She's not wrong. While it's already common knowledge that relationship dynamics shown onscreen often set unrealistic expectations, what you might not have noticed is that some of these relationships appear to normalise problematic, and in some cases, criminal behaviour.
Take The Devil Wears Prada for example. In one scene, Andy travels to Paris where she finds herself several drinks deep with Christian, a writer who helped her out with Miranda's unreasonable demands. In this particular scene, he goes in to kiss her, but Andy repeatedly turns him down before saying she's run out of excuses as he kisses her. The music swells and the scene cuts to the pair waking up in the same bed. The scene is meant to be romantic, in a way, but what people might not realise is that legally, a person cannot assume consent is given if their potential partner is incapacitated by alcohol or drugs.
Similarly, a problematic scene in viral Netflix series Bridgerton depicts the Duke of Hastings asking Daphne to stop while they have sex so he can pull out before reaching climax. Aware of this and desperate to have his child, Daphne ignores him and continues to have sex with him until he ejaculates. By law, consent can be revoked at any point during the act, even if you originally consented to it—so what viewers witnessed in Bridgerton was technically a rape scene, but it wasn't treated like one.
"Consent is often never asked for and always assumed [onscreen]," Wan continues. "And often a character will actually say 'no', but then the person still goes in for the kiss anyway, and it's all romanticised and then there's sexy music behind it, and then it turns into a sex scene—and that's just played off as fine."
Another alarming example occurs in two prominent children's stories: Snow White and Sleeping Beauty.
"There are cartoons and animations where the main character is asleep and they'll be kissed to bring them out of their sleep—but legally you can't consent if you're asleep or you're unconscious," Wan points out.
She reiterated that the new campaign, and this potential addition to the classification system, isn't necessarily about "cancelling" these famous movies, rather, it would point out and educate more Australians about the definition of consent.
"It isn't about cancelling or censoring these films, this classification is like any other classification that exists—we're just informing viewers as to what they're seeing on screen," she tells us.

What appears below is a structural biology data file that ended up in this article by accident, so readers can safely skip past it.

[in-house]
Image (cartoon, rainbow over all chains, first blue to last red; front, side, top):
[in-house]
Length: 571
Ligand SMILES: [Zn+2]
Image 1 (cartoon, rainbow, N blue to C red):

It's clear that this additional element of education will not go amiss either. Per research commissioned by Consent Labs, nearly two-thirds of Australians have never been taught about consent, with 25 per cent learning about what consent is on their own.
"Three in five Australians are unable to recognise consent when seen onscreen and a quarter are unable to define it," Wan continues.
The campaign coincides with major progress to consent laws made across several Australian state governments. In June, New South Wales officially passed the affirmative consent model into law (this requires a person to take active steps to ensure they have established whether another person wants to have sex before they engage in the act). In August, Victoria also passed the affirmative consent bill, with the model set to come into effect in 2023.
"For us, seeing the really positive changes around consent has been a sign that attitudes are changing, and more progress can be made," Wan says.
She and her Consent Labs co-founder Dr Joyce Yu launched the campaign, #ClassifyConsent on September 7, and they're asking for support via pledges to the website classifyconsent.com.au. They are planning turn this into a Federal Petition to the Classifications Board. With any luck, "lack of consent" will be a classification for all relevant films and television shows moving forward.
This article originally appeared on our sister site, ELLE Australia.